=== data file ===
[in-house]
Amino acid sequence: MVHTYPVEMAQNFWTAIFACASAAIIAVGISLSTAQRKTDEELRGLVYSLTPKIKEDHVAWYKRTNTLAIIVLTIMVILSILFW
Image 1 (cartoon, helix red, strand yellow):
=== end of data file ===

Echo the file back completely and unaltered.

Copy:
[in-house]
Amino acid sequence: MVHTYPVEMAQNFWTAIFACASAAIIAVGISLSTAQRKTDEELRGLVYSLTPKIKEDHVAWYKRTNTLAIIVLTIMVILSILFW
Image 1 (cartoon, helix red, strand yellow):